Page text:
The relationship still matters – Why you’re not going to be replaced by a robot

The professional service relationship, between the client and the practitioner, is a special one. Whether it’s a client’s financial freedom, their family’s livelihood, or their professional reputation, the stakes are high. The client needs to implicitly trust the professional service provider. This trust is built over time and can’t be easily replicated, and the human face-to-face interaction is not likely to be replaced any time soon.

Building a trusted relationship is still a crucial element in the selling and delivery of professional services. A critical element of trust is reliability. In Hinge Marketing’s e-book Inside the Buyer’s Brain:

“The number one reason buyers gave for continuing the relationship was that their professional services provider actually did what they said they would do. In short, they delivered on their promise.”

You may say reliability will be improved by automation, and I think that is true, but human delivery of the promised service will always be required. There may some aspects of a service that can be outsourced, numbers that can be crunched by a computer, or even decisions made with the help of artificial intelligence, but there is always going to be a need for face-to-face interaction to build the necessary trust in the relationship. Research conducted at the Beijing Normal University, and published in The Journal of Neuroscience, found that “face-to-face communication, particularly dialog, has special neural features that other types of communication do not have” and that something called “neural synchronization” occurs between the people in the face-to-face conversation.

“The current study showed that, compared with other types of communication, face-to-face communication is characterized by a significant neural synchronization between partners based primarily on multimodal sensory information integration and turn-taking behaviour during dynamic communication. These findings suggest that face-to-face communication has important neural features that other types of communication lack, and also that people should take more time to communicate face-to-face.”

In her book Trusted: The Human Approach to Building Outstanding Client Relationships in a Digitised World, Lyn Bromley talks about the five building blocks to building trusted relationships.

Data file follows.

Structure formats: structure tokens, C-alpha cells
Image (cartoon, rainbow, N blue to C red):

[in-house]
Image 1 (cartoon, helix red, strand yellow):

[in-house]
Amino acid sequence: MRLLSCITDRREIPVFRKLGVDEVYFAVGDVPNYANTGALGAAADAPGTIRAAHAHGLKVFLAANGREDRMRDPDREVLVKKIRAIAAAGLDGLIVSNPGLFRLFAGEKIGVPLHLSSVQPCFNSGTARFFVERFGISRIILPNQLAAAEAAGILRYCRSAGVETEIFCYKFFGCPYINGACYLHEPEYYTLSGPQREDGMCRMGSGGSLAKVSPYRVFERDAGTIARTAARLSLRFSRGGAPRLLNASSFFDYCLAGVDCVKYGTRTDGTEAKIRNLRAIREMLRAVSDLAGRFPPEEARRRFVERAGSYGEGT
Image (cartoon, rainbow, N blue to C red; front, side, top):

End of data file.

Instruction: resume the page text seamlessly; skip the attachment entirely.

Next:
These five areas are:

  1. Mindset: You can manage your mindset to be more confident, positive and set you up to be more successful.
  2. Communication: Active listening and knowing when to allow the other person to talk about their goals and objectives, issues and concerns, is one of the most valuable skills you can learn.
  3. Interaction: Dedication, energy, and thought are needed to create strong, lasting business relationships. Interactions with colleagues and partners are as important as those with clients and prospects.
  4. Behaviour: In professional services, behaviour is one of the most important differentiators of a business.
  5. Professional image: How we dress not only affects how others perceive us, but also how we perceive ourselves.

The RAIN Group, in their e-book Your Guide to Insight Selling Success, say that:

“Relationship building, the personal side, is still critical to earning trust and winning sales. What has changed is the way buyers form relationships with sellers.”

The RAIN Group have extensively researched the professional services selling-buying relationship. They have found that clients of professional services still need their professional service provider to build a genuine relationship based on trust. In the buying process, insight sellers establish themselves as trustworthy sources of value, so buyers open up to an exchange of information and ideas. If the buyer likes and trusts you, they’re more apt to take your advice and this continues throughout your business relationship. It increases your business value, along with the frequency and depth of your business interactions. According to the RAIN Group, the world has changed. The rhythm has changed. The order in which we do things has changed. But what hasn’t changed is the need to build strong personal connections with buyers (prospective clients) and clients.

This innate human need to build strong personal connections, particularly in a highly trust-based professional services relationship, is the reason why you won’t be replaced by a robot. Well, not until AI technology becomes so advanced that it can create ‘neural synchronization’ between a client and a robot. Some of the services you provide will be automated and performed by a computer, probably sooner than you think, but your abilities to build trust and a genuine human connection will not easily be replicated by a machine.